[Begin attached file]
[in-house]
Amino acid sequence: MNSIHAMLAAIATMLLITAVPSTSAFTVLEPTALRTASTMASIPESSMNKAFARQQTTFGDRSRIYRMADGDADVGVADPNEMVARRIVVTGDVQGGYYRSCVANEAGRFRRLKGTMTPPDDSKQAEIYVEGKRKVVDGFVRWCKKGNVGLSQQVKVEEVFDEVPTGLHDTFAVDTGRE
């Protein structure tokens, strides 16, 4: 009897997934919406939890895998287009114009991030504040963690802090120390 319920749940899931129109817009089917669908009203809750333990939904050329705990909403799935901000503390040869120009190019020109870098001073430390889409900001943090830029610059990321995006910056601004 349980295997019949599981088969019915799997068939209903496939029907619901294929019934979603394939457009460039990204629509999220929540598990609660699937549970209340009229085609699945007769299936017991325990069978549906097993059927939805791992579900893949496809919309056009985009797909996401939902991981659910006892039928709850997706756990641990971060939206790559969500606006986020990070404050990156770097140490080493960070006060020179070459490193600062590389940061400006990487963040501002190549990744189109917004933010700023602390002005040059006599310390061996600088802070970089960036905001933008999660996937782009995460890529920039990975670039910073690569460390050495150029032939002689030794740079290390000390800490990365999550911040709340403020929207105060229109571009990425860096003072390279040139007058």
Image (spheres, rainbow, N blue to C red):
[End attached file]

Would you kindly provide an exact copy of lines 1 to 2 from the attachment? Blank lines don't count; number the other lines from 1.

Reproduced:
[in-house]
Amino acid sequence: MNSIHAMLAAIATMLLITAVPSTSAFTVLEPTALRTASTMASIPESSMNKAFARQQTTFGDRSRIYRMADGDADVGVADPNEMVARRIVVTGDVQGGYYRSCVANEAGRFRRLKGTMTPPDDSKQAEIYVEGKRKVVDGFVRWCKKGNVGLSQQVKVEEVFDEVPTGLHDTFAVDTGRE